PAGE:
The brothers were gallant...Phillips Family Archive: Four Brothers Who Defended the Union. Large group of letters and ephemera related to the Phillips Family of Illinois. Four of the Phillips boys went off to war in 1861. Thomas Robinson Phillips died on June 5, 1861 from disease contracted at Camp Yates, Springfield, Illinois. John Henry Phillips died of a gunshot wound to the head received at Fort Donelson on February 15, 1862. He served in the 2nd Regiment Iowa Infantry Volunteers. Fielding D. Phillips served as a Captain in the 130th Illinois Volunteer Infantry. He died from wounds received at Pleasant Hill, Louisiana. John Howell Phillips served as a Captain of the 22nd Regiment Illinois Volunteer Infantry and served the entire war. Yet another brother, Charles Wesley, apparently did not serve in the war. The collection is housed in a large binder with tabs indicating the family member. Due to its scope, we cannot provide an itemized list of the contents, but will try to summarize the holding.
There are thirteen war-date letters from John Henry Phillips to family members plus a 7-page letter dated October 1, 1860 regarding a trip to Padukah and St. Louis for employment, plus a "Claim of Heirs for Bounty" form completed after John's death at Ft. Donelson. The last letter was written on January 20, 1862 and is 7-pages long. "The secesh Ladies of the City have a fashion of parading past here waving their handkerchiefs and secesh emblems for the prisoners and making other secesh demonstrations. Our old Col got tired of it and ordered every one that is seen engaged in any thing of the kind to be brought before him... the col threatened them if they didnt stop it he would introduce them to the coal cellar under the prisoners." Condition varies, with some stains, fading and soiling.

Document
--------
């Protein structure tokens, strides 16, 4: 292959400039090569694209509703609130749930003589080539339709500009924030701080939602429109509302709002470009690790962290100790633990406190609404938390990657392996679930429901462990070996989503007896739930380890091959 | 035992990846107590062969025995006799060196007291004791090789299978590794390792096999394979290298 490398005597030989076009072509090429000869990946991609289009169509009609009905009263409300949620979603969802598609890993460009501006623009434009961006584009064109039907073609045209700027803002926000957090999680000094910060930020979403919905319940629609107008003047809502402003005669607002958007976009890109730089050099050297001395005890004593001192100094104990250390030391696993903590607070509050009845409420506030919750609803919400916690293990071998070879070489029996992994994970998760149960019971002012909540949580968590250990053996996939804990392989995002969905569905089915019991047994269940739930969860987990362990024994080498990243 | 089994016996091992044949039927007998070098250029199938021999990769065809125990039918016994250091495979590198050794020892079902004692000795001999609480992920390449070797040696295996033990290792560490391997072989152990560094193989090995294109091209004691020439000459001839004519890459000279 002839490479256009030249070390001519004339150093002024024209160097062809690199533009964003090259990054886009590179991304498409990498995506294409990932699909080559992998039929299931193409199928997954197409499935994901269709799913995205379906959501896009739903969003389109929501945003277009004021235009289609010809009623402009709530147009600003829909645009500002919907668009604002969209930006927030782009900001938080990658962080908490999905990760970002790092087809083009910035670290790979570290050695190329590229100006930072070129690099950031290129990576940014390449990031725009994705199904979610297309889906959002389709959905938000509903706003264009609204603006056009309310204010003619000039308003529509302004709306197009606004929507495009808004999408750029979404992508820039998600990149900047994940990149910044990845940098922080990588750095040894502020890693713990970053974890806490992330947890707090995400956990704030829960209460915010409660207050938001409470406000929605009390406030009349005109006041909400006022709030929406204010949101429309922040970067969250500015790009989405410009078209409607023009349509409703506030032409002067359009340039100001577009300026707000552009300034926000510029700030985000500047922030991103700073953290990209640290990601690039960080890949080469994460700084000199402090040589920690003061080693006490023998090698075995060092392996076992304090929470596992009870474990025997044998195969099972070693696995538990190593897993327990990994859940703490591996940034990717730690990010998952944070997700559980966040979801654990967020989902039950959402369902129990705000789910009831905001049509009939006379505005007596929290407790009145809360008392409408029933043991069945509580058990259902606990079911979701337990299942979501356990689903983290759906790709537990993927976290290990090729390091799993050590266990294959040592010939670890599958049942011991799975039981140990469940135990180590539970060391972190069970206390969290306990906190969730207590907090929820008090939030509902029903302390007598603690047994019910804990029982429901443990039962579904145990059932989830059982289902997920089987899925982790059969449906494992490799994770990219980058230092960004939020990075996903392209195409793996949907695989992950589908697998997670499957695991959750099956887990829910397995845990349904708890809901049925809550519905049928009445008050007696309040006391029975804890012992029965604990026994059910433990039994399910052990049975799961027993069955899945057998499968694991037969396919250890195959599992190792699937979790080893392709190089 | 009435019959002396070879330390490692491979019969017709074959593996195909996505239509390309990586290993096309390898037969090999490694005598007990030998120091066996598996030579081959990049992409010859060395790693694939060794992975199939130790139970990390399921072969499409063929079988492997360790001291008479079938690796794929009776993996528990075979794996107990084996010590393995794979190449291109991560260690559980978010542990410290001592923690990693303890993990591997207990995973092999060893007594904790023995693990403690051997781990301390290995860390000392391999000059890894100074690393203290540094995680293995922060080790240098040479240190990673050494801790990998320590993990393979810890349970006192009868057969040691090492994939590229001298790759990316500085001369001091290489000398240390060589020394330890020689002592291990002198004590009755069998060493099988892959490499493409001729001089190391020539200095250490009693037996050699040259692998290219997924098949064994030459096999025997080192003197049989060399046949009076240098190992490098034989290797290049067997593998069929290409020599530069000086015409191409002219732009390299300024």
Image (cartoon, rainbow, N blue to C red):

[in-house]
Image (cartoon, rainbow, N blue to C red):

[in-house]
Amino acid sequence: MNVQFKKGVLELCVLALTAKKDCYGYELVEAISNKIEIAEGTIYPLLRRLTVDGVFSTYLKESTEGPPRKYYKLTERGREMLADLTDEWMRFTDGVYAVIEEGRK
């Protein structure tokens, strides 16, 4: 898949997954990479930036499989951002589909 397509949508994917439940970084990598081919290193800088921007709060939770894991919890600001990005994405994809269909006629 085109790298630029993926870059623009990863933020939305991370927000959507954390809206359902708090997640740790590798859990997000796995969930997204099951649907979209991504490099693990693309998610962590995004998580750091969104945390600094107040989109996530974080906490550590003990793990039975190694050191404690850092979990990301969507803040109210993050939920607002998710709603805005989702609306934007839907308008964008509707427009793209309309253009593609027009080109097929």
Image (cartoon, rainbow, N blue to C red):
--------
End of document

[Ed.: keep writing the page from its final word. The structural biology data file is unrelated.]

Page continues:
The John Howell Phillips material is highlighted by two CDVs, signed three times by Howell. One is inscribed on the verso: "Yours respectfully John H. Phillips Capt. Co. 'D' 22nd Ill Infty" while the other is signed on the front and inscribed on verso: "Coming from Picket May 26th 1863". There are twenty-seven war date letters from John Howell Phillips, ranging in date from January 8, 1862 to May 24, 1865, plus another letter dated June 9, 1866. They were all written to his mother or sister Alice ("Allie"). These tend to be lengthy letters. The locals include Corinth, Camp Lyon, Florence [Alabama], Nashville, Murfreesboro, Stone River, Bayou Pierre [Mississippi], Bridgeport [Alabama], Cairo [Illinois] and others. "The inspector on General Grants staff is to inspect us and I think he will find a ragged and dirty set as the Regt. has been out on the tramp nearly all winter and have not had a chance of keeping themselves in any kind of decency... You have no doubt seen a great deal in the newspapers about the Rebels being nearly starved out and that they are deserting because they did not get enough to eat. But if they fare any worse than we men in this Department have this winter I pity the poor devils."
The Fielding D. Phillips component is by far the most extensive, as he survived the war. It includes various documents, including his 1862 appointment as First Sergeant in Company F 130th Illinois Regiment, a disability report, a pass to Memphis, a hospital discharge, CDV and letter from his sister. a doctor's finding of bilious remittent fever, two leave of absence forms, two requisition forms, a muster-in roll, two muster-out forms and discharge papers, etc. There are sixty-one war date letters, seven partial letters of war-date and ten letters written to "Birdie" Phillips 1865-1874. Writing to his mother from Mansfield, Louisiana on April 11, 1864, Fielding says: " I am under the painful necessity of informing you that I am wounded & a prisoner in the hands of the enemy. I suppose you will hear ere this reaches you of the battle. We had a hard time of it. Our regt. was most all killed wounded & taken prisoners. I am shot in the right knee. The wound is pretty severe but I am geting along prety well... I came near losing my leg but I think the danger is passed now." The locales include: Camps Yates & Butler, Memphis, Fort Pickering, Millikens Bend, Vicksburg, Brashear City [Louisiana], New Iberia, New Orleans, Decrow's Point [Texas], Benton Barracks, Dalton [Georgia] and others. A rare opportunity to acquire the letters and papers of four gallant brothers who served in the war - three of whom made the ultimate sacrifice.
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